Jack Thomas' Commentary:

Revised June 12, 2009

The property that now holds the Latham Circle Mall originally opened in the 1950's as an open air plaza called Latham Circle Shopping Center with a Grand Union, WT Grants, The Boston Store, and a Woolworths as anchors.

The mall was eventually reconstructed as an enclosed mall in the 70's with Caldor, Woolworths, The Boston Store, JCPenney, and 60 or so other stores, along with an outparcel Grand Union. The mall was filled with 1970's decor, and had many interesting sections, such as a small upper mezzanine level in the back of the food court, as well as space for a local radio station(since closed down), a college, and offices. In the 80's, a fire ripped through the Boston Store. They insisted on reopening, but never did, and the space was filled with Burlington Coat Factory. Also around this time, the original JCPenney was demolished, with a new store being built next to their old one. The former space was turned into more stores and a second level Hoyt's 10 screen movie theater. With the opening and eventual expansion of Crossgates Mall, and an expansion of the older Colonie Center, this mall never really stood a chance.

Woolworth's closed in 1997 with the rest of the chain, and was converted into Stien Mart. Smaller stores flocked to the better malls, and the mall never really regained a strong presence. Stien Mart didn't last long and closed in 1998. The following year saw the closure of Caldor as part of their bankruptcy. This caused that whole wing to become a ghost town, and the main wing followed not long after. The owners tried to gain more ground by adding Klien's All Sports, Old Country Buffet, and another restaurant, owned by the mall owner's son, the Malt River Brewing Company.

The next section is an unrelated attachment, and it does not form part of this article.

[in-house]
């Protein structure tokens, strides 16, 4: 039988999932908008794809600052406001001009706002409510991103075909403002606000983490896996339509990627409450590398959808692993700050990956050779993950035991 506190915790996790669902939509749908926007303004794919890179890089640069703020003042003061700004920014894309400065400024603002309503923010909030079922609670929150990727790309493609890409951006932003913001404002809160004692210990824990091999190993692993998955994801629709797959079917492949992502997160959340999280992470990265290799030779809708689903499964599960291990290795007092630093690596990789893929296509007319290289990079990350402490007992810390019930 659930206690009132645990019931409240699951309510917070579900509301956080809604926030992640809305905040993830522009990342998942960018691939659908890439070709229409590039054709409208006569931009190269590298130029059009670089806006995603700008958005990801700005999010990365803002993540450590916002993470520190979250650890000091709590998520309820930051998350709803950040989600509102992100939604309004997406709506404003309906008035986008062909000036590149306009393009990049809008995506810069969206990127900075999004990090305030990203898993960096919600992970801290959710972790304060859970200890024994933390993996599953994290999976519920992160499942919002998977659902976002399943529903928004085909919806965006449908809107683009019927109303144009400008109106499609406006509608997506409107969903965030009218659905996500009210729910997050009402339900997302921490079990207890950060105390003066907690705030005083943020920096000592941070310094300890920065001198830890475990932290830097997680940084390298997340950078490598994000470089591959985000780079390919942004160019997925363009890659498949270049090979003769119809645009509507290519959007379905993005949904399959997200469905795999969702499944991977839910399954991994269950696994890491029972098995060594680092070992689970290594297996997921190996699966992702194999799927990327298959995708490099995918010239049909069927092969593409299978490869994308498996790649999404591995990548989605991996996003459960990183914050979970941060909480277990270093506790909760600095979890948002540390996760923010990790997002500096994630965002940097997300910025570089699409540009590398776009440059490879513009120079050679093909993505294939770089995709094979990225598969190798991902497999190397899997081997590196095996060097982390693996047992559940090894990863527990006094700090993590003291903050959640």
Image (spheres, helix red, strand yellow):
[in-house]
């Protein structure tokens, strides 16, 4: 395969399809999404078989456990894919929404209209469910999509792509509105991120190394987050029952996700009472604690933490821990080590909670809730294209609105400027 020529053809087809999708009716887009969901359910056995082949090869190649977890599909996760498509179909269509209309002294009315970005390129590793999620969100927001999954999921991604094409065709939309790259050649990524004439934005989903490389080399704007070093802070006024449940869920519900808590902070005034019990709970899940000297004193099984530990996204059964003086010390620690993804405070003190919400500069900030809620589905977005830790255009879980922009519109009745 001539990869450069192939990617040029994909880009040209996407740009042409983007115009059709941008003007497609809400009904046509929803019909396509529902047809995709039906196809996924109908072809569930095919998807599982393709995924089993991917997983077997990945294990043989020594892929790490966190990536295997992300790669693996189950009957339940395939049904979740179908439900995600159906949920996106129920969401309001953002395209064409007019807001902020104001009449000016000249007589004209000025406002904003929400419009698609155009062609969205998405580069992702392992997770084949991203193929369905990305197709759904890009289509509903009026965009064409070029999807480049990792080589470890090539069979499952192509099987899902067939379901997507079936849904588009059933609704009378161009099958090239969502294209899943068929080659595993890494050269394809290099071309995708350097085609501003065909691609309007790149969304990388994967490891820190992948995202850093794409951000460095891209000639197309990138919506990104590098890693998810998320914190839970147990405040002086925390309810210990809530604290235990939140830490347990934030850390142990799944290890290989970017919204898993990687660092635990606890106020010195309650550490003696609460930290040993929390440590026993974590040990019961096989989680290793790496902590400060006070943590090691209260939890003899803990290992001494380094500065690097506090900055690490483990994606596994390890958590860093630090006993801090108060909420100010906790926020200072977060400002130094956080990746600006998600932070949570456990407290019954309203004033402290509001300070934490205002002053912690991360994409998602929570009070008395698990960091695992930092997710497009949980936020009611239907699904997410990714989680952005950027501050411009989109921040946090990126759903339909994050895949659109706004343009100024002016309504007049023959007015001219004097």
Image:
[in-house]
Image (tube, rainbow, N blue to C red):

Nothing exciting happened on the property until 2003, when Lowes decided to open a store on the site of the former Caldor, also while forcing out the Grand Union and demolishing their building for an expanded parking lot. Lowes was looked forward to, as many thought the mall would rebound. However, Lowes never built an internal entrance to the mall, basically sealing it off.

Ever since, the mall has slowly sank to the bottom, losing more and more stores each year. Kliens fell by the wayside, and more inline stores closed. Deb closed their vintage 1970's mirror facade store and moved closer to JCPenney. CVS moved out to a new 24 hour pharmacy next to the mall. Recent plans had hoped to improve the malls image by turning it into a mall/lifestyle mix, similar to what developers did with Clifton Park Center. This plan has seemingly fallen into limbo, as nothing has happened, and the mall has been foreclosed upon for back taxes. So for now, the mall sits, and it's still open, so check it out before it's gone.

Pete Blackbird's Commentary:

This is a really bizarre mall. It's got offices in it, an escalator, a college, a parking garage, an all you can eat buffet, and the some crazy architechure. I think this mall originally housed a Bradlees, but I never saw it. I do know it was anchored by Caldor, and still has it's JCPenny, and a new-ish Gateway Store. It's doing alright. there are lots of secondary mall stores, but relatively few empty storefronts. The mall's lot is always full, and they're probably turning a profit, so I guess it's not dead, but boy it's different.

This mall can only be described with pictures, so I guess i better get some up soon. I recommend a visit, it's well kept, and the Old Country Buffet is good.

Brian Florence's Commentary:

Lowes Home Centers is trying to acquire the vacant Caldor building and the strip mall next door to demolish and build a new Lowes store anchoring the mall. Read about it here


Photos:

Latham Circle Mall Pics from Phil Palmatier

Photos:

Brian Florence's exclusive photos: